With a price tag of $50,000, about one-tenth that of its higher-throughput next-gen cousins, the PGM could “democratize” next-gen sequencing, according to the Broad Institute's Nusbaum. “There are a lot of people in the world who don't have access to ‘heavy lifting’ sequencers,” Nusbaum says. “They simply have no opportunity to raise the money to buy an Illumina or SOLiD machine, and even if they did, they wouldn't be able to support it on the budget that they have.”
But it's about more than just price, says Nusbaum; by enabling small research groups to sequence on demand, the PGM would allow almost anyone to become a mini-sequencing core facility. “The democratization isn't so much of a democratization about price, it's democratization of access.”
The system doesn't provide complete democratization, of course: Even the 316 chip won't produce enough sequence for applications such as whole human genome sequencing, says Nusbaum, whose facility is beta-testing the device. Instead, the system is appropriate for specific small-scale applications like microbial genome sequencing, microbial transcriptome analyses, and targeted and amplicon sequencing. At the Broad, the Institute's four PGMs are used for library quality control and accelerating technology development cycles. “Why do I care about this machine right now?” Nusbaum asks.
“The short answer is that it's fast—very fast.” In just a couple of hours, he says, and for just a few hundred dollars, researchers at the Broad can quality-test sequencing libraries that normally take a week and a half or longer—as well as thousands of dollars—to run.
“It's not glamorous, but it's something that the high-throughput centers really want to do,” he says. “We spend a lot of our money sequencing really complex pools, so everything we do, every step that we have, we want to put quality control in place. This is a good thing for that.”Sequencing's Electron Microscope
Other in-development methods dispense with the sequencing-by-synthesis approach altogether. One alternative—sequencing single molecules directly using transmission electron microscopy (TEM)—is being developed at Halcyon Molecular in Redwood City, CA and ZS Genetics in North Reading, MA.
It won't be easy. The technique's resolution is sufficient to resolve individual DNA bases, but DNA is more or less transparent to TEM; the nuclei present in nucleic acids simply aren't dense enough to reflect the instrument's electron beam. EM-based sequencing therefore requires a contrast agent. ZS Genetics uses an enzyme-driven DNA amplification step to incorporate high–atomic number (Z) labels, distinguishing bases by their differential contrast in the EM. Halcyon uses chemical reactions to incorporate such high-Z agents as Os-BIPY and “monofunctionalized cisplatin variants,” tagging molecules with one label at a time and leveraging base complementarity rules and bioinformatics to stitch the resulting single-base patterns into a complete sequence, says the company's Chief Visionary Officer, Kent Kemmish.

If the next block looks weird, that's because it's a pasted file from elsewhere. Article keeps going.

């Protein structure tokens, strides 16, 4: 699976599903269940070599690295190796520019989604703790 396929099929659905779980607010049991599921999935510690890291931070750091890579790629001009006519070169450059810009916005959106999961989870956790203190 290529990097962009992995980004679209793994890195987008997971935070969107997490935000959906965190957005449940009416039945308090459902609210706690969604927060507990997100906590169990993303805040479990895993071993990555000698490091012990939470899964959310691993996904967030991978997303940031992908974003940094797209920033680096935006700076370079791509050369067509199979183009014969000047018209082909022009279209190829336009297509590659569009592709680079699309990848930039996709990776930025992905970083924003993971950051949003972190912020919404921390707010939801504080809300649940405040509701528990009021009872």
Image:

The resulting sequence reads could be among the longest of any method, says Church, who advises 18 next-generation sequencing players. Kemmish says Halcyon is targeting reads in excess of 100,000 bases apiece. ZS is aiming for the 10,000–20,000 nucleotide range, says president William Glover. “We think we will end up with a system that's taking 3–10 [images] per second, and will give 10–50 megabases per hour—and that would be one of our earlier systems,” Glover says.
At those lengths, EM-derived sequences could enable de novo sequencing even of highly repetitive regions that traditionally have been refractory to such methods, says Glover—everything from a 4-kb stretch of the herpes simplex virus to the vast major histocompatibilty region on human chromosome 6. The problem with current short-read technologies, Glover explains, is that eukaryotic repeat elements typically are longer than the reads, making de novo assembly impossible. A long-read technology, though, can collect enough sequence to span the repeats, thereby enabling unambiguous alignment. “If you could give me thousands-of-bases-long reads of even modest accuracy, those would be very powerful for looking at genome structure,” Nusbaum says.